A fellow graduate was Cleburne born singer Randy Rogers, son of a Baptist preacher, whose band scored healthy airplay on major Americana stations for four indie albums and a live Billy Bob's DVD before signing with major Nashville label Mercury.

But the comedienne's peers suggested she quit comedy and become a new millenium mistress of melancholia.

And, after belatedly learning guitar from her stepfather four years ago in a 13-hour car trip to Colorado, she clocked up 200 gigs in her first year.

She played her first major gig, fronting her own band in September 2004 at Austin's Carousel Lounge.

In less than a year, she had weekly residencies at multiple Austin honky-tonk bars and even scored a short tour or Europe, highlighted by sharing a bill with Dwight Yoakam at a festival in Norway.


"Slow swinging western tunes/ coming from the jukebox late last June/ this was the way our love songs would start/ play another verse and you get yourself another broken heart." - Slow Swinging Western Tunes - Sunny Sweeney.

Sweeney hails from Longview in her state's rural east and quickly filled a vocal void left by Natalie Maines and Kasey Chambers in their post pure country careers.

Although she only wrote three tunes - including the sardonic title track - superb song choice ensures Heartbreaker's Hall Of Fame deserves its hype.

The other equally memorable originals are the evocative Ten Years Pass and jukebox fuelled Slow Swinging Western Tunes.

Sweeney says she chose to record a majority of covers on her debut disc because they fitted her concept.

"I have enough songs to make probably 10 CDs, but I don't want to put filler songs just because I wrote them," Sweeney revealed.

"I'd rather have the best songs that I can possibly pick. My husband said one time that good cover songs are better than bad originals. Why would I want to put a bad song on there just because it's mine?"

Sweeney produced the disc with drummer Tom Lewis and veteran pedal steel guitarist Tommy Detamore at his Cherry Ridge Studio in Floresville.

Detamore has owned and operated his studio in the town nestled between Austin and San Antonio since 1990 with pedal steel his instrument of choice on more than 100 albums.

The pedal steel and Grammy award winner Bobby Flores fiddle drenched the music of Sweeney who originally released this as an indie in her home state.

So the story of the album's escape to Borchetta's fledgling Nashville label in 2005 makes good copy.

"It's like a fairy tale," Sweeney says.

"He got my CD in a blank envelope, and he doesn't know how he got it."

Sweeney is in good company on Big Machine - label-mates include Texan veteran Jack Ingram, belatedly enjoying chart success, Danielle Peck, Taylor Swift, Jimmy Wayne and Dusty Drake.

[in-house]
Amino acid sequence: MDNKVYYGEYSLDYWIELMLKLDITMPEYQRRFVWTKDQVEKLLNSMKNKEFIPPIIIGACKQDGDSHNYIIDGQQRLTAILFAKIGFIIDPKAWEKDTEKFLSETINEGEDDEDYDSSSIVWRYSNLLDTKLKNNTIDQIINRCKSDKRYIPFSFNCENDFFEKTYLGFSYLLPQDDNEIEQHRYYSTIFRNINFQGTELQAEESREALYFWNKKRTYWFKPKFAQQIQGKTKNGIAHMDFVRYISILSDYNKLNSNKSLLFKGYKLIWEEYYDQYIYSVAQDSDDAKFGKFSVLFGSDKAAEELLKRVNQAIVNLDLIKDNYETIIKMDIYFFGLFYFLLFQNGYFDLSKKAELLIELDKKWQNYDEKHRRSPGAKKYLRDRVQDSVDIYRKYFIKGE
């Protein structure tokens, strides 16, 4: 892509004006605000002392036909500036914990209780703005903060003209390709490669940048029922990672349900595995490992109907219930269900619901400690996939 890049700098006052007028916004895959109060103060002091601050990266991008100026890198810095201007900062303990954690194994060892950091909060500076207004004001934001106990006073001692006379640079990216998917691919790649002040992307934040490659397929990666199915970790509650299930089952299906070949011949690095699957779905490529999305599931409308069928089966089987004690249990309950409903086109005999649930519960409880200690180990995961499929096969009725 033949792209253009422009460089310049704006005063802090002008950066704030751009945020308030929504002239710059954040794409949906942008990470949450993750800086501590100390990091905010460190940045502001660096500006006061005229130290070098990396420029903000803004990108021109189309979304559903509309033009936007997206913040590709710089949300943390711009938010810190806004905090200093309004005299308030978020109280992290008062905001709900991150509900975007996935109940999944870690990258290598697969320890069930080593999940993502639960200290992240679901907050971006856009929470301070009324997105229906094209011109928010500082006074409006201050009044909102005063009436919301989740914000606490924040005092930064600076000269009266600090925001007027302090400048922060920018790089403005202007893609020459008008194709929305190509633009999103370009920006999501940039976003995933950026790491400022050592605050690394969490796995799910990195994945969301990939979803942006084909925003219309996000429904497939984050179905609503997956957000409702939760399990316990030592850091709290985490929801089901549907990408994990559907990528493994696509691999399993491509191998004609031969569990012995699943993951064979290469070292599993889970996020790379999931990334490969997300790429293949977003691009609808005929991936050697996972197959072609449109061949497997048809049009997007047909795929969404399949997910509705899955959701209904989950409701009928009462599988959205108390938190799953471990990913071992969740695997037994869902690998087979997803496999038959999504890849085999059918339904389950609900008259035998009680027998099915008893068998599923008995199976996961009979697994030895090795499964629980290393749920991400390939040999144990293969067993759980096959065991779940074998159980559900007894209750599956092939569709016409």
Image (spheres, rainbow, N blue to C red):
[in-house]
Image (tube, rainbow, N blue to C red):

"It's very flattering and amazing all at the same time," Sweeney revealed about her Big Machine signing.

"I've only been playing for two and a half years. For somebody to believe in me enough doing exactly what I'm doing and not ask me to change a single thing is the most flattering thing in the entire world. I made a record exactly like I wanted to make it. For that to go forward the way it has gone is mind-blowing to me."


"I'm gonna be the next big nothing/ you won't see my name on MTV/ I'm gonna be the next big nothing/ no-one knows my name in Tennessee" - Next Big Nothing - Audrey Auld Mezera.

It's also a sweet dream for expatriate Van Diemen's Land diva Audrey Auld Mezera whose parodic paean Next Big Nothing also landed on this classic debut.

"When I heard that I thought it was so my personality," Sweeney says of the song penned by the singer who now calls the Northern California hippy enclave of Bolinas her home.

"We made it a little faster of a shuffle. I thought it was a great song to put on the record. Whenever we play that, people go crazy. If it's a great song, I don't care if I didn't write it."

The song originally appeared in 2001 on Audrey's second solo disc Losing Faith - a not so late entry in the heartbreakers hall of fame after the singer's split with touring and performing partner Bill Chambers.

Audrey impacted heavily in the Lone Star State after recording third solo disc Texas in Austin in 2004 with Bill Chambers in the star studded cast.

"Texas is about people those who have inspired the songs - Woody Guthrie, Harlan Howard, Billy Joe Shaver, Karla Faye Tucker and the Dead Ringer Band," Mezera said at the time.

"Also my father, husband and the universal family to which we all belong."

That family also includes Chambers who produced, sang and played on Audrey's fourth solo disc Lost Men And Angry Girls in 2006.


"From the corners of the country/ from the cities and the farms/ with years and years of living/ tucked up underneath their arms/ they walk away from everything/ just to sing for me and you/ so God bless the boys who make the noise on 16th Avenue." - 16th Avenue - Thom Schuyler.

Listeners of now defunct Victorian community radio broadcaster Nu Country FM, High In The Saddle on 3RRR-FM and PBS-FM and top rating PBS-FM show Acid Country will recall other songs that Sweeney has resurrected.

We frequently played Lacy J Dalton's 1982 version of Thom Schuyler's songwriters' anthem 16th Avenue as a reality check for shooting stars and starlets.

"I always said if I ever did a record I would put that on there," Sweeny confessed.

"I stick to my word. It's my favourite song on the record because it was always one of my favourite songs. She has an amazing voice. It's so sexy, but it's also so truthful. I heard it when I was around 5 years old. I remember thinking, 'Oh my God.' Now it's even more amazing."

And, of course, Pentecostal raised Iris De Ment's ancestral Mama's Opry scored wide airplay here on the same shows before and after her 1998 Australian tour.

Arkansas born De Ment, 45 and youngest of 14 children and latter day singing spouse of Greg Brown, toured here with former husband Elmer - a fireman - with whom she wrote I Take My Sorrow Straight.